Freedom of the Press
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Press Freedom Score (0 = best, 100 = worst)
Legal Environment(0 = best, 30 = worst)
Political Environment(0 = best, 40 = worst)
Economic Environment(0 = best, 30 = worst)
- Freedom of the press is protected by the law and for the most respected in practice.
- Amendments to the criminal code that were approved in 2008 abolished Article 175, which had allowed criminal and civil libel cases against journalists.
- However, two new articles of the code allow journalists to be prosecuted for violating vaguely worded rules against publicizing private communications and documents, and set serious penalties for leaking government information to the press.
- The newspaper El Periodico was driven out of business after a court ordered the seizure of its assets in September. The judgment, for which an appeal was pending at year’s end, came in response to the newspaper’s publication of the tax returns of a prominent businessman.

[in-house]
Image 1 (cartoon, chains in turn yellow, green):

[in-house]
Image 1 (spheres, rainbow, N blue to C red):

- The risk of legal repercussions and judicial intimidation have served to promote self-censorship among Panamanian journalists.
- Despite the existence of transparency legislation, access to public information remains limited.
- No physical attacks on the media were reported in 2008.
- All Panamanian media outlets are privately owned, with the exception of one state-owned television network and one radio station.
- The government reportedly attempts to manipulate news coverage by buying advertising space only from friendly media outlets.
- There are no government restrictions on the internet, which was accessed by nearly 23 percent of the population in 2008.